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Instagram begins testing monetisation options for creators

By | Published on Thursday 28 May 2020


Instagram has announced that it is testing some ways that creators on the social media platform can share in some of the money that they help the Facebook-owned business make. This will be built around livestreamed videos – which have seen massive growth during lockdown, of course – and its stupid IGTV longform video thing.

Live videos on Instagram saw a 70% increase between February and March as lockdown measures were introduced, says the company. Many artists and creators who have livestreamed over the Instagram platform have experimented with ways to monetise such activity, but to date there has been no direct option within the Instagram app itself. Now the company is testing a new thing called ‘badges’, which are digital badges fans can purchase during a livestream.

“Badges will appear next to a person’s name throughout the live video”, says the company in a blog post. “Fans who have purchased badges in Live will stand out in the comments and unlock additional features, including placement on a creator’s list of badge holders and access to a special heart”.

So, that all sounds a bit pointless. But people like that sort of nonsense, don’t they? So pointless for the fools that spend money on the new badges feature, but not for the artists and creators who get access to that cash.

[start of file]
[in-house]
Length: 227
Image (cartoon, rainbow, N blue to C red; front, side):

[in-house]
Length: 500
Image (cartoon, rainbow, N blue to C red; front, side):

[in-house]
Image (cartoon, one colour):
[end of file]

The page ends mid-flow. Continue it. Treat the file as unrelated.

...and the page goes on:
Elsewhere, Instagram is moving into more traditional online advertising, placing pre-rolls on videos on IGTV and then sharing ad revenues with creators whose videos carry them.

“IGTV ads will initially appear when people click to watch IGTV videos from previews in their feed”, it says. “The video ads will be built for mobile and up to fifteen seconds long. We’ll test various experiences within IGTV ads throughout the year – such as the ability to skip an ad – to make sure the final result works well for people, creators and advertisers”.

Although Instagram has long been a popular platform for creators of many kinds, including musicians, to date monetisation options have been limited – consisting mainly of different ways to encourage and allow followers to click through to third party sites where items can be purchased. The same is kind of true of sister social network Facebook, of course, which also recently announced plans to help artists monetise live streaming activity.

Of course, if Instagram and Facebook both begin to allow musicians to monetise their livestreams, that will add further complications to the already unclear picture around if and when music is covered by the licences Facebook and other platforms have from the music industry.

Currently, with the boom in artists using livestreaming for home performances, a blind eye is largely being turned to this question, and to those livestreaming platforms that are unlicensed or half licensed. However, if livestreaming becomes an established activity – and particularly one that makes money for artists and social media companies – that eye’s going to become a lot more focussed.